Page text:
The use of slurs in popular culture is a subject that often draws heavy debate. On the one hand, many people say that if we keep using the words and ‘reclaim’ them then people would have nothing to get upset about, whereas other people feel that once something is established as a pejorative term it will always be a pejorative term and we should stop using them.
One thing is certain though and that’s that slurs can cause offense. This is something that Harlem-based rapper Azealia Banks learnt the hard way after calling notorious blogger Perez Hilton a “f****t” during a Twitter spat.
In an interview with The Guardian, Banks told the publication that although she doesn’t regret using the term, she’ll “never do it again, because [she doesn’t] care enough about the person to have the battle again and defend my use of the word faggot.”
She then added:
“A lot of gay men are way more misogynistic than straight men. The s**t they say about women behind their backs, it’s like, ‘Wow, oh my God!’ You can be a straight faggot, you can be a gay faggot. A faggot is anybody that hates women.”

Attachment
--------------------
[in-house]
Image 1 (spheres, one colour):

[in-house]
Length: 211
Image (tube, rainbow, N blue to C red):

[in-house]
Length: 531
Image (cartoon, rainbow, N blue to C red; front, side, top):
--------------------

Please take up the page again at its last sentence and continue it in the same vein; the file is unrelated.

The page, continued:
It’s like, y’all sing along to my words when I’m saying n***a and ****, but as soon as I call this one white man a faggot the whole world exploded.
Listen, I didn’t say all gay men are faggots; I said Perez Hilton is a faggot, so don’t try and bring the rest of the gays down with your faggotry.”
While it’s hard to argue with her feeling that gay men are more misogynistic than straight men – gay men’s misogyny has long been an issue in the female LGBT community – it’s not hard to see why someone would be staunchly against her defence of the word “f****t”.
As someone who is an out and proud bisexual woman, Banks has stated on several occasions that she couldn’t possibly be a homophobe yet even so, should she really be using such a potent slur? It’s been used for many years to insult and disgrace gay men and so at the bare minimum only other gay men should be able to say it.
Banks herself notes that listeners of her music sing along and say the n-word, taking some issue at it, so she clearly understands that there’s a right and a wrong for who can say which words. It is unfortunate that such a vocal LGBT ally doesn’t understand why this is a contentious issue but as she’s booted it from her dictionary (at least in public anyway) let’s hope we don’t hear the f-slur from her again.